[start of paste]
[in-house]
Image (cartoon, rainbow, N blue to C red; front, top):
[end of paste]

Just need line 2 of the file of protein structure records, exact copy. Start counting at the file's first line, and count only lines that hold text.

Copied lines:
Image (cartoon, rainbow, N blue to C red; front, top):